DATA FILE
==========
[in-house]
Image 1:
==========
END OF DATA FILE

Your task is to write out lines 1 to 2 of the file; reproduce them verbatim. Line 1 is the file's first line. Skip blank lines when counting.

[in-house]
Image 1: